6. Clear goals, clear announcement. Who knows, where he stands, can say at all only where he wants to go. The honest and open description of the initial situation allows the agency to understand the situation. The result is clearly formulated, prioritised and – as far as possible – quantified objectives. Avoid the “egg-laying woolly milch sow” and concentrate on the essentials. Make the agency familiar with your brand, your corporate philosophy, with the market and competitors, as well as the target group. Formulate precisely how strongly your brand would like to develop, what and how much may be changed and what under no circumstances. An illustration is also important here – perhaps with the help of examples?
  7. Vote on the briefing internally. Before you hand the briefing over to the agency and discuss it afterwards, make sure you coordinate it with your team colleagues or decision-makers. In this way you will sometimes receive helpful new input and above all avoid irritations due to different expectations. Unfortunately, it happens every now and then that the agency presents something different from what some presentation participants expected.
  8. Pictures say more than 1000 words. Take the trouble and add pictures, photos, newspaper clippings, screenshots, etc. to your briefing. Show what you mean by catchwords such as “emotional, high-quality, authentic, etc.” and what you don’t. Illustrate what has flopped in the past or what has been successful. When selecting and compiling images, it is not so much their quality that counts as their content. You will see that you will have a completely different conversation with the creative people than before and that this will have an effect on the quality of the results.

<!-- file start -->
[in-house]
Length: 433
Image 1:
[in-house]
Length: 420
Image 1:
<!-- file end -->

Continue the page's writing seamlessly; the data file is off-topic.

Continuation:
9. Inspire them! Send samples of your product to the agency, invite to a briefing in your own branch (of course after closing time), lead the team through the production (yes, creative people love factories!) or visit the leading fair of your branch together with the agency. No matter what your final thoughts are, let the agency immerse you in your world; inspire them! This will increase motivation, weld together and increase the chances of success for your project.
  10. A long leash. Define the milestones of the project, but don’t force the agency to take the path it takes to achieve the goal you have set. Do not specify the number of drafts or how you want to work in the concept phase. Micro management is more likely to interfere with the workflow. Get advice on the process because the agency is the specialist and knows how to best and efficiently achieve your goals.
  11. Short leash. We recommend that you first demand inspiration and ideas from the agency rather than elaborate solutions. Make it clear that you do not pay the agency to present many variants of an idea, but rather for real alternatives that are strategically derived and therefore meaningful.
  12. Clear the stage. Give the agency the chance to present its ideas to the actual circle of decision-makers. The agency should be able to fight and stand up for its cause. If in doubt, advertise in your own company on your own behalf and for the project; branding and design should also be a matter for the boss. The immediate feedback from these presentations will speed up and simplify the further process considerably.